A year after tens of thousands of Iraqi Christians fled communities overtaken by Islamic State militants, their lives are on hold in exile: They won't go back to Iraq, saying it's not safe for Christians, but as refugees they're barred from working in temporary asylum countries such as Jordan. Expectations of quick resettlement to the West have been dashed.

"We've lost hope in everything," said Hinda Ablahat, a 67-year-old widow who lives with dozens of fellow refugees in plywood cubicles set up in a church compound in downtown Amman, the capital of Jordan. "We've been sitting here for a year and nothing's happened."

About 7,000 Christians from northern Iraq have found refuge in Jordan, including about 2,000 living in church-sponsored shelters.

On Saturday evening, Patriarch Louis Sako of Iraq's Chaldean Catholic Church and Jerusalem-based Latin Patriarch Fouad Twal led hundreds of worshippers in an outdoor prayer service in the town of Fuheis, near Amman, to mark a year since the Iraqi Christians' displacement.

The service included a message of encouragement from Pope Francis, saying he is appealing for solidarity with those victimized by fanaticism and intolerance, "often under the eyes and in the silence of all." The church "does not forget and does not abandon her children who have been exiled on account of their faith," read the message, first published late last week.

The words rang hollow to some in the crowd.

"Everyone has forgotten us," said Johnny al-Behno, 25, standing in the back with friends. Al-Behno holds an engineering degree, but is forced to live off dwindling savings because of the ban on working.

Jordan struggles with high unemployment and says it cannot afford to integrate hundreds of thousands of Syrian and Iraqi refugees into the labor force.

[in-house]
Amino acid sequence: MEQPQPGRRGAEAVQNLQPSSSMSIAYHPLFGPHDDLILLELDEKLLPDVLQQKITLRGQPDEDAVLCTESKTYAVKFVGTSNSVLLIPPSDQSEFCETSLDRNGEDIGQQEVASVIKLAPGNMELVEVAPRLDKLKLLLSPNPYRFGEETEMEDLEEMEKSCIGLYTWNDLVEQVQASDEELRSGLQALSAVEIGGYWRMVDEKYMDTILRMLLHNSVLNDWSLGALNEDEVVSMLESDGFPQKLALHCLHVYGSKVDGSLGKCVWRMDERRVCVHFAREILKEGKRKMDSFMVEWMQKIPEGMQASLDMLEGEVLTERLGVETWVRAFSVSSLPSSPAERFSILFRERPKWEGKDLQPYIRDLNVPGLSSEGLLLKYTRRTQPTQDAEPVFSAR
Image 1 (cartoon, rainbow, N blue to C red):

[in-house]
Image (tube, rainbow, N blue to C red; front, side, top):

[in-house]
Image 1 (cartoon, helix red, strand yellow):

The Christian exodus began a year ago when Islamic State militants swept across northern Iraq, targeting indigenous religious minorities. The militants forced out most of the area's 120,000 Christians, many of whom now live in the nearby semi-autonomous Kurdish region.

Bahnam Atallah, 47, said he and his family fled their hometown of Qaraqosh, near Mosul, on Aug. 6, 2014.

Islamic State had been shelling the town all day, Atallah said. The family of six fled for safety at nightfall to Erbil, the capital of the Kurdish region, with just two small duffel bags holding clothes, passports and family photos. The drive normally takes less than an hour, but thousands were fleeing and the Atallahs only arrived in Erbil after midnight.

After three months, they relocated to Jordan, while oldest son Andre left for studies abroad.

Now home for Atallah, his wife Jinan, and their children Eidier, Sarah and Maryam is a church shelter in Amman they share with 60 other refugees. Plywood cubicles are lined up in rows, some decorated with posters of the Virgin Mary. Children run in the hallways while others play dominos in the common area.

The Atallahs' cubicle contains two bunk beds, a single bed and a small table. Toddler Maryam slept, oblivious to the noise.

Atallah, a thresher operator and carpenter, said the year in limbo has taken its toll. The parents and 20-year-old Eidier can't work, while 15-year-old Sarah has missed a year of school.

Food and medical care are provided by Caritas, a Catholic charity, but with nothing to do, days are tedious. Atallah dreams of emigration to Australia. A brother who lives there has started the paperwork, but prospects are uncertain.

Atallah and other refugees say they'll never go back home. "Iraq is not a safe place" for Christians, he said.

Refugee aid officials say Iraqi Christians had expected quick resettlement in the West when they first arrived in Jordan, but those hopes have been dashed in part because of the region's escalating refugee crisis.

More than 4 million Syrians have fled conflict in their country since 2011, while Iraqis of all religions continue to flee ongoing sectarian violence back home.

Jordan hosts about 630,000 Syrian and 58,000 Iraqi refugees, according the U.N. refugee agency. Only a tiny minority has resettled in the West, with U.N. officials saying preference is given to the most vulnerable.

Caritas has spent $3 million to help Iraqi Christian refugees in Jordan and will run out of funds by the end of the year, said Wael Suleiman, the head of the organization in Jordan. He said the international community should support the Iraqi Christian refugees by helping them stay in a region where their numbers have been dwindling due to conflict.

"They were born to live in the Middle East, not in any other place," he said.